Conventional wisdom wrong about Arab journalists' anti-Americanism

June 19, 2008

Los Angeles, London, New Delhi, and Singapore - (June 19, 2008) Since September 11, U.S. politicians have repeatedly reminded us that the journalists in the Arab world are biased against America and the West. Ground-breaking research published in the July 2008 issue of International Journal of Press/Politics published by SAGE shatters the myths, finding that much of the conventional wisdom about Arab journalists that has shaped U.S. public diplomacy toward the region lacks substance.

To provide a snapshot of journalists' attitudes and to create a benchmark for future studies, the researchers surveyed 601 mainstream professional Arab journalists with the goal of understanding how they view both their profession and the events they cover. The survey comes at a time when Arab media are deep in the throes of change. While still subject to censorship, Arab journalists have growing aspirations for independence fed by their access to more than 300 free-to-air Arab satellite channels and the rise of blogging on the internet.

The study, which was made possible by a grant from the Rockefeller Brothers Fund, along with the Howard R. March Foundation and the Center for Middle East and North African Studies at the University of Michigan, profiles Arab and Muslim journalists, exploring their beliefs, values, politics and religious world view. The data suggest there is a sizable bloc of Arab journalists who share the same values often espoused by the United States: political freedom, human rights, and at least some separation of church/mosque and state.

"In recent years, the Arab media emphatically have been framed by Washington as the enemy," write the authors in the article. "But the evidence indicates this may be a perception made in America, not necessarily the prevailing view from the Arab newsroom."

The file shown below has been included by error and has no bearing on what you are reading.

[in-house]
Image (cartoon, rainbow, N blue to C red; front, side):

-end-
The article, "The Mission of Arab Journalism: Creating Change in a Time of Turmoil," written by Lawrence Pintak of the American University at Cairo and Jeremy Ginges of the New School for Social Research, is being made available at no charge for a limited time at http://hij.sagepub.com/cgi/rapidpdf/1940161208317142v1.

The International Journal of Press/Politics (IJPP) is an interdisciplinary journal for the analysis and discussion of the role of the press and politics in a globalized world. The Journal publishes a wide range of theoretical and empirical research which analyzes the linkages between the news media and political processes and actors. http://hij.sagepub.com/

SAGE is a leading international publisher of journals, books, and electronic media for academic, educational, and professional markets. Since 1965, SAGE has helped inform and educate a global community of scholars, practitioners, researchers, and students spanning a wide range of subject areas including business, humanities, social sciences, and science, technology and medicine. A privately owned corporation, SAGE has principal offices in Los Angeles, London, New Delhi, and Singapore. www.sagepublications.com

SAGE

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